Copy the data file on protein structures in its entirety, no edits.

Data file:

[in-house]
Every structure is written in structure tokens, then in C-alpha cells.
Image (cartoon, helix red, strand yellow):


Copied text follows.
[in-house]
Every structure is written in structure tokens, then in C-alpha cells.
Image (cartoon, helix red, strand yellow):